The results are in from the second Emissions Reduction Fund auction, held on 4 and 5 November 2015, and they have played out much as we thought they would in April.
The average price of abatement was $12.25 per tonne, down from the first auction's average price of $13.95, but the number of players and variety of projects has increased, including projects generating abatement from more recently approved methodologies such as industrial energy efficiency activities.
Cumulatively, there are now nearly 240 Carbon Abatement Contracts that will deliver almost 92.8 million tonnes of abatement at an average price of $13.12.
As with the first auction, much of the contracted abatement will be delivered over 7-10 years; of the 129 contracts let, only 10 are for delivery over a period of 6 years or less. As the delivery schedule for each contract is not disclosed, it is uncertain how much of the contracted abatement under the 7-10 year contracts will be delivered by 2020 and therefore be available to meet Australia's 2020 emissions reduction target. What we do know is that the shorter term contracts (5 years or less) from this auction will deliver only 752,317 tonnes to meet that target.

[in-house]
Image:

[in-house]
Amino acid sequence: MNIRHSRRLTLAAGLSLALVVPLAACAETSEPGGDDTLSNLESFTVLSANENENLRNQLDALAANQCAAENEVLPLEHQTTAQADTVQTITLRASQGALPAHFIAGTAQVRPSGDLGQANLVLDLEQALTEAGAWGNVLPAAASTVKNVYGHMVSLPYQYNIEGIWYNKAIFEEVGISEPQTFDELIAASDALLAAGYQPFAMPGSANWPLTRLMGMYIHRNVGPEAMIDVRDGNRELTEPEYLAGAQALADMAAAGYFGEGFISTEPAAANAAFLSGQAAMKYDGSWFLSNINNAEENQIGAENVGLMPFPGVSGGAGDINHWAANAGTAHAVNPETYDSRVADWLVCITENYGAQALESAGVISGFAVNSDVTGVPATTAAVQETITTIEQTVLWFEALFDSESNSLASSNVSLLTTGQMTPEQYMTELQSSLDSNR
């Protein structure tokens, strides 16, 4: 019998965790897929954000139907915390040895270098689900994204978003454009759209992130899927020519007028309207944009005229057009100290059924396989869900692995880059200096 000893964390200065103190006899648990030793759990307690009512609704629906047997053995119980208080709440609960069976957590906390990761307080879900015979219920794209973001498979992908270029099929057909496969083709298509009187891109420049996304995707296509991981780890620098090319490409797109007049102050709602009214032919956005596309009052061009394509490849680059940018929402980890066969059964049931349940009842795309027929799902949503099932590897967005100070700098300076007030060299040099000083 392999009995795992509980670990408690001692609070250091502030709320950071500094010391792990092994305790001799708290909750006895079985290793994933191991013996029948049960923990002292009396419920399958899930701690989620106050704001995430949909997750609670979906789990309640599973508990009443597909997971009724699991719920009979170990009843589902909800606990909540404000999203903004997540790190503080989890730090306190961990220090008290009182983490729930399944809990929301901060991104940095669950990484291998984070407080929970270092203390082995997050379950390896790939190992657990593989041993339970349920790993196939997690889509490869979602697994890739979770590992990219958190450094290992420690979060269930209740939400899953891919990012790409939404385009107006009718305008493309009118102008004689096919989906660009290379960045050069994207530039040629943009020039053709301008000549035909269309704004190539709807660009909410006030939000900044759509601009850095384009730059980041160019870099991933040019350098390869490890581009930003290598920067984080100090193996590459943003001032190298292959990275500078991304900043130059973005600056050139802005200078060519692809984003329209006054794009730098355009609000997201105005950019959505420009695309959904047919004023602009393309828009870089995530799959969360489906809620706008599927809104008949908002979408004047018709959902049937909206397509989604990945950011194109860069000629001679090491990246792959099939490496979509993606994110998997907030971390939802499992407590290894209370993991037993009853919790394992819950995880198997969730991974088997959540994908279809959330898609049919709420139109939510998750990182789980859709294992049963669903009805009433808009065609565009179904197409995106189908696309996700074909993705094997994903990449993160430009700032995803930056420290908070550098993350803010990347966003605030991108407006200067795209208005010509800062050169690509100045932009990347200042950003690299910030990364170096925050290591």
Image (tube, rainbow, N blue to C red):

As ERF is delivering abatement post-2020, it can be used for the post-2020 target of 26-28% of 2005 levels by 2030 which Australia is taking to COP21 in Paris later this year. The downside to this is that there is a limit to the amount of money the government has committed to the ERF ($2.5bn), and it has already spent almost half of that on two auctions.
The next auction date has not yet been set, but anyone considering bidding at a future auction should start the project registration process, and consider the available project methodologies (or propose a new one) as soon as possible.
The ERF auction results compared
Click here to view table.